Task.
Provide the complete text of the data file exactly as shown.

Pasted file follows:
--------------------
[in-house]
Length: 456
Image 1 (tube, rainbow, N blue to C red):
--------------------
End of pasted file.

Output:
[in-house]
Length: 456
Image 1 (tube, rainbow, N blue to C red):